IFB provides input on WOTUS rule

Farmers stress the need to fix rule the right way. Otherwise, 'it will only get worse.'

From left, Stefan Maupin, Tennessee Farm Bureau; Luke Diehl, Ogle County; Lauren Lurkins, Illinois Farm Bureau; Don Parrish, American Farm Bureau Federation; and Richard Young, a consultant from Tennessee; provided input on the “waters of the U.S.” rule during a meeting with the Office of Management and Budget. Iowa Farm Bureau representatives participated by phone. (Photo courtesy of AFBF)

By Deana Stroisch

Illinois Farm Bureau met with White House staff in Washington, D.C., this week to provide input on the “waters of the U.S.” rule.

Luke Diehl, a corn and soybean farmer from Ogle County, and IFB’s Lauren Lurkins joined representatives from Iowa and Tennessee Farm Bureaus and the American Farm Bureau Federation during the meeting with staff of the Office of Management and Budget.

“This was an opportunity to provide real-world examples of what’s happening on the ground today and explain that if it’s not fixed the right way when rewriting the WOTUS rule, it will only get worse for farmers and other sectors,” said Lurkins, IFB’s director of natural and environmental resources.

Diehl received nonwetland/prior converted cropland designations on two of his farms from Natural Resources Conservation Service (NRCS). Believing he received the necessary approvals, he installed grassed waterways on both of his farms. After they were finished in March 2017, staff from the U.S. Army Corps of Engineers and U.S. Environmental Protection Agency (EPA) visited his family’s farm and determined he violated the Clean Water Act because he didn’t obtain the necessary Section 404 permit.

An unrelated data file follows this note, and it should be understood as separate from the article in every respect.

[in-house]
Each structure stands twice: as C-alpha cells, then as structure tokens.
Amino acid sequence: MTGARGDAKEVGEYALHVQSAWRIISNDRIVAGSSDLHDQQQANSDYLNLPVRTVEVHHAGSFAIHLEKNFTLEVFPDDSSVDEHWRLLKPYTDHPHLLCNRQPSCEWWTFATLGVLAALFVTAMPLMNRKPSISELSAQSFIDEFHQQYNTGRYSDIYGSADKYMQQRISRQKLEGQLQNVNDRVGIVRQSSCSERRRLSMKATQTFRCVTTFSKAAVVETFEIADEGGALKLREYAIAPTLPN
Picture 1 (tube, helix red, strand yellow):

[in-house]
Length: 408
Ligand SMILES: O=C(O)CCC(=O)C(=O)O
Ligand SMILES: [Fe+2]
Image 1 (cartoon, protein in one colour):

Diehl shared his story in Washington, D.C., so other farmers won’t face a similar situation.

“Ideally, the agencies would rewrite the rule to exempt conservation practices and prior converted cropland from being waters of the U.S.,” Diehl told FarmWeek.

In written comments, IFB has consistently asked agencies to clarify the rule and exempt prior converted cropland and conservation practices, in general. IFB has used grassed waterways as one example. They are scientifically proven to improve water quality, reduce soil waterways, only carry water following heavy rains and aren’t streams or tributaries subject to the Clean Water Act.

Meeting face-to-face, Lurkins said, helped illustrate IFB’s message even further.

“It helps bring the words on the page to life,” Lurkins said. “When we can show pictures of what they say is a ‘water of the U.S.’ – and it’s an erosion feature in a cornfield – a light bulb goes off.”

Where does WOTUS stand?

Complying with an executive order issued by President Donald Trump, the EPA proposed a two-step process to review and revise the rule put in place under President Barack Obama. The agencies continue to review comments on the proposal to repeal the 2015 rule.  Meanwhile, a proposed rule redefining “waters of the U.S.” has been drafted but remains under review by the administration.

EPA and the Army Corps of Engineers earlier this year changed the applicability date of the 2015 rule by two years to prevent the 2015 definition from going into effect until a new one is finalized. The South Carolina district court recently ruled the applicability date rule violated the Administrative Procedures Act – and ordered a nationwide injunction against the delay rule, making the rule effective in dozens of states, including Illinois. Other court orders have blocked the 2015 rule. This week, a Texas judge blocked implementation in Texas, Louisiana and Mississippi.

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